After the next wild party I slept over again, but this time I didn't take the couch. Littlestar and I curled up in her parents' bed, and watched one of the Godzilla movies on TV. She gave me a back massage, and then took off all of her clothes. She had never been completely naked and out of the shadows with a boy before, though I didn't know that at the time -- I was impressed by her confidence. I took off all of my clothes, too.
We fooled around extensively. I went down between her legs and licked her to orgasm. That was a first for her too, but I didn't realise it because of the aplomb with which she took to it. After a second orgasm she made me stop, protesting that I was "trying to kill" her.
Then she gave me the best blowjob I'd ever had -- infinitely soft, tender and expert. I stroked her long hair, and had a brief out of body experience.
But I was still wounded. No amount of sweetness and lust was going to convince me that I wanted to deal with having a girlfriend again anytime soon. We had several conversations on the subject at my behest, largely because I was feeling guilty about having carnal relations without commitment. Littlestar was insistent that she expected nothing more of me.
When people tell you what you want to hear, you tend to forget that people seldom say what they mean.
Littlestar started to cry more often, in her room alone or at night, when she thought I was sleeping. Threatened by her increasing emotionality, I began to withdraw. First I stopped sleeping over, and then I stopped hanging out at all. I was confused by the schism between what she said and what she felt, and I lacked the maturity and experience to piece it all together. So, I just went away.
(Don't all condemn me at once. I was seventeen, and dumber than I am now.)
She wasn't rude to me at school the next year. Littlestar's not like that. But she was always kind of sad, when I was around. She was always a bit bitter, when I flirted with that idiot Scarlet. But she was still a good friend: she even helped me hook up with a girl called Hawky whom I had a crush on for all the wrong reasons, but the details of that relationship are another story, which has already been told.
(Obviously, I have no knack for picking the winning horse.)
At university I wrote frequent letters to Littlestar, and she wrote me back just as often. I was living in Halifax, with a couple of hoodlums from Oshawa. I was lonelier than I had ever been, or have been since. And, while I wrote love letters to yet another set of tits and ass, Littlestar remained my patient friend.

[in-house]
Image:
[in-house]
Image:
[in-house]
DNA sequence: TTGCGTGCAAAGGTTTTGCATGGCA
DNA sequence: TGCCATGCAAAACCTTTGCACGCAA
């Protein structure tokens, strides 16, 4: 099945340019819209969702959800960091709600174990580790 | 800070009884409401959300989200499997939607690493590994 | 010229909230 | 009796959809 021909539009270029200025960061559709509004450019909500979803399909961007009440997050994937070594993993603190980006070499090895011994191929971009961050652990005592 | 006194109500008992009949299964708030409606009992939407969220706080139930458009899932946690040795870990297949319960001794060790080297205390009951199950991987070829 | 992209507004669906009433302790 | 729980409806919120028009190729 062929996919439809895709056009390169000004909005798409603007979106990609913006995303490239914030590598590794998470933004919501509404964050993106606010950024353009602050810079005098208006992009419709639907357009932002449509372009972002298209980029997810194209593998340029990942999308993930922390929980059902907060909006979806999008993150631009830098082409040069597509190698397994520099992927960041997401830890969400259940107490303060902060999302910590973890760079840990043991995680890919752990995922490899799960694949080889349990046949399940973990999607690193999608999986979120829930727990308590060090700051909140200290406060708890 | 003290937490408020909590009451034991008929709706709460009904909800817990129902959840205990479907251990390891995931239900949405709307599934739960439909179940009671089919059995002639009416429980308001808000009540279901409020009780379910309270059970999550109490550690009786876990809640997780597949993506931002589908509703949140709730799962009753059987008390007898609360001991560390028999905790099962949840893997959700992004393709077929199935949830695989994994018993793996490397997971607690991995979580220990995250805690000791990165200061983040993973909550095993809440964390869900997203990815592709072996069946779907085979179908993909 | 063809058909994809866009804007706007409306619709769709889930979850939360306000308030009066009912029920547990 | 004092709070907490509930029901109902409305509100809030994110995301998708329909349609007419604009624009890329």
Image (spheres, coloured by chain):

(Do you hate me yet? It gets worse.)
I moved back to Toronto, and started working as a junior graphic artist. Every now and again I'd go out for drinks with Littlestar and Scarlet. Scarlet was still able to intoxicate me with flattery and flirtation back then, and once I even brought her to my highrise midtown apartment and tried to kiss her when I thought all signs pointed to "yes." They didn't. She made a hasty and awkward retreat.
And so another year passed, during which I didn't see those girls at all. But one day I decided to quit my job, and strike out on my own as a freelancer. While I sat at my desk and watched my portable hard-drive load up with the portfolio materials I was taking away with me, I decided to give Littlestar a call. "What's new?" I asked her.
"I just bought a house!" she told me excitedly. "It's a little bungalow in North York. I'm going to live upstairs and rent out the basement."
"How much?" I asked, and she told me. "I'll take it," I said.
"Really? How come? I don't understand, I thought you --"
"I resigned today," I explained. "I'm going to work for myself, and I need a cheaper place to live until I can fill out my client roster." And so I moved in.
Everyone we knew assumed that Littlestar and I were sleeping together, including Littlestar's mother. Everyone accepted our pat denials, assuming that we'd rather they played along with our fiction. Even Scarlet had her doubts that we were being wholly truthful, but we were. Nothing happened.
But slowly and surely, I began to fall for her. Over coffee in the morning, smoking cigarettes in the backyard, shooting the breeze about nothing whenever I came upstairs for a break from working. The depth of my feelings were not apparent even to me, until Littlestar accepted an invitation to fly out to British Columbia to visit a boy she'd met on IRC. Privately, quietly, I was insanely jealous.
"You had your chance with her," I scolded myself, "and you blew it. So get over it already."